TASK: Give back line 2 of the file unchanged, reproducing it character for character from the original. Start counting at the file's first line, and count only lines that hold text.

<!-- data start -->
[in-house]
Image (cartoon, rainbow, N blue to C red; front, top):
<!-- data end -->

Image (cartoon, rainbow, N blue to C red; front, top):